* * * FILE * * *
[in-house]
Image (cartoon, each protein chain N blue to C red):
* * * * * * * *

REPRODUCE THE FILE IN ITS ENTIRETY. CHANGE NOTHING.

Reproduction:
[in-house]
Image (cartoon, each protein chain N blue to C red):